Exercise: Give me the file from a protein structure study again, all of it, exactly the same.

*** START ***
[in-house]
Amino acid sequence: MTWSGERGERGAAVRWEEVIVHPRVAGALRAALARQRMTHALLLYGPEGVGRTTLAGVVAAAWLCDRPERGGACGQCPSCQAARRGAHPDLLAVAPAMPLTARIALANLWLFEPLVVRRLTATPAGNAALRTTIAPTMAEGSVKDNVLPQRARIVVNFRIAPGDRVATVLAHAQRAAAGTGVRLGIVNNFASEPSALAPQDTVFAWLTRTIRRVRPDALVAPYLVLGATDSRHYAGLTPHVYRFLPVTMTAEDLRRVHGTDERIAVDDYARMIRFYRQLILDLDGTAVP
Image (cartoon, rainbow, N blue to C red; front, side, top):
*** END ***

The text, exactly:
[in-house]
Amino acid sequence: MTWSGERGERGAAVRWEEVIVHPRVAGALRAALARQRMTHALLLYGPEGVGRTTLAGVVAAAWLCDRPERGGACGQCPSCQAARRGAHPDLLAVAPAMPLTARIALANLWLFEPLVVRRLTATPAGNAALRTTIAPTMAEGSVKDNVLPQRARIVVNFRIAPGDRVATVLAHAQRAAAGTGVRLGIVNNFASEPSALAPQDTVFAWLTRTIRRVRPDALVAPYLVLGATDSRHYAGLTPHVYRFLPVTMTAEDLRRVHGTDERIAVDDYARMIRFYRQLILDLDGTAVP
Image (cartoon, rainbow, N blue to C red; front, side, top):